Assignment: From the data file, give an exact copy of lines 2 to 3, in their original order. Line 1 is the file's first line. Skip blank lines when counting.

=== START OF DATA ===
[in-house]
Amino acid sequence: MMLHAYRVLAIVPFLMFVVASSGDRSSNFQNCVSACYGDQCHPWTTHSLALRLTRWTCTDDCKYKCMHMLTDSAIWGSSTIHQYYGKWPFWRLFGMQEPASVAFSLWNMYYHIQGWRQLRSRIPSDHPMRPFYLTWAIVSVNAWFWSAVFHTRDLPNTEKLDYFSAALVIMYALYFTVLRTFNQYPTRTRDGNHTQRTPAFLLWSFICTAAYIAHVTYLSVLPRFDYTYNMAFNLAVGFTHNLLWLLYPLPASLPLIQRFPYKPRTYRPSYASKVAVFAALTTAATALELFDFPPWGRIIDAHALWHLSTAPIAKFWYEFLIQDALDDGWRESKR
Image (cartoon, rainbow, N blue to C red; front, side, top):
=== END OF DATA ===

Amino acid sequence: MMLHAYRVLAIVPFLMFVVASSGDRSSNFQNCVSACYGDQCHPWTTHSLALRLTRWTCTDDCKYKCMHMLTDSAIWGSSTIHQYYGKWPFWRLFGMQEPASVAFSLWNMYYHIQGWRQLRSRIPSDHPMRPFYLTWAIVSVNAWFWSAVFHTRDLPNTEKLDYFSAALVIMYALYFTVLRTFNQYPTRTRDGNHTQRTPAFLLWSFICTAAYIAHVTYLSVLPRFDYTYNMAFNLAVGFTHNLLWLLYPLPASLPLIQRFPYKPRTYRPSYASKVAVFAALTTAATALELFDFPPWGRIIDAHALWHLSTAPIAKFWYEFLIQDALDDGWRESKR
Image (cartoon, rainbow, N blue to C red; front, side, top):